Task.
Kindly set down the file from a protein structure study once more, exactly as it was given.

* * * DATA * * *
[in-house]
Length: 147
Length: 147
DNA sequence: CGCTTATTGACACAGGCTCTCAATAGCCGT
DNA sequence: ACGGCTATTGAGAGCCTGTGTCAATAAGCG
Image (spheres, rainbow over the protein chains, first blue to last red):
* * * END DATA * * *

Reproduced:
[in-house]
Length: 147
Length: 147
DNA sequence: CGCTTATTGACACAGGCTCTCAATAGCCGT
DNA sequence: ACGGCTATTGAGAGCCTGTGTCAATAAGCG
Image (spheres, rainbow over the protein chains, first blue to last red):